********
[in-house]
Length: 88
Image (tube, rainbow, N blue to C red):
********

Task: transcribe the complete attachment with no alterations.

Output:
[in-house]
Length: 88
Image (tube, rainbow, N blue to C red):